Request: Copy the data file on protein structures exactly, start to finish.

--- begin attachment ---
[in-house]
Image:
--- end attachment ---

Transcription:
[in-house]
Image: